Soil bedding increases microbial and termite decomposition activity
Moose are picky eaters, and that's a good thing for their ecosystems.
Deforestation in Colombia has been linked to armed conflict and forests' proximity to coca crops, the plant from which cocaine is derived. A University of Queensland-led study found that conflict between illegal groups and the governmental military forces, proximity to coca plantations, mining concessions, oil wells and roads were all associated with increased deforestation.
Forests in the eastern United States that are structurally complex -- meaning the arrangement of vegetation is highly varied -- sequester more carbon, according to a new study led by researchers at Virginia Commonwealth University. The study demonstrates for the first time that a forest's structural complexity is a better predictor of carbon sequestration potential than tree species diversity. The discovery may hold implications for the mitigation of climate change.
Largescale 'disturbances', including fires, harvesting, windstorms and insect outbreaks, which kill large patches of forest, are responsible for more than a tenth of tree death worldwide, according to new research at the University of Birmingham.
The use of remote sensing equipment for data collection has revolutionized biological data collection in the field, but researchers still need tools to help analyze the data. RadialPheno supports the study of phenology -- the timing of developmental events like flowering and fruiting -- by providing a visualization system that identifies temporal patterns. Such tools are urgently needed to understand how climate change is affecting ecosystems by altering the timing of phenological events and ecological interactions.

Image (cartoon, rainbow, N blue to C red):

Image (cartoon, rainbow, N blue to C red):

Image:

How much carbon dioxide can tropical rainforests absorb? Investigations by an international team of researchers with significant involvement from the Technical University of Munich (TUM) indicate that the absorption capacity is severely limited by the phosphorus content of the soil.
When wildfires burn up forests, they don't just damage the trees. They destroy a key part of the global carbon cycle. Restoring those trees as quickly as possible could tip the scale in favor of mitigating severe climate change. Lisa A. McCauley explains how quick action to thin out vegetation will actually increase carbon storage in forests by the end of this century.
CABI's expert scientists in the field of ecosystems management and invasion ecology have presented new guidance on ways to help protect the world's trees and forests from harmful pests and diseases such as the box tree moth and ash dieback. Researchers suggest that a number of important factors should be considered when monitoring for non-native pests that can pose a serious threat to forest resources and have significant negative economic, biodiversity and livelihood impacts.
Strawberry poison frogs live in Costa Rican forests that are being cut down for farmland. The deforested pastures are hotter and sunnier, so scientists wanted to see if the frogs had adapted to withstand the heat. They learned that the frogs from pastures had adapted to seek out warmer temperatures than frogs from forests. The maximum temperature they can stand didn't change, though -- so if global temperatures rise too much, the frogs are in trouble.